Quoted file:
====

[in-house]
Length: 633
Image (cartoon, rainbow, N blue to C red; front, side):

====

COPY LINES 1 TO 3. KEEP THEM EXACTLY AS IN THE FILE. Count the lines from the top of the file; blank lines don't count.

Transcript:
[in-house]
Length: 633
Image (cartoon, rainbow, N blue to C red; front, side):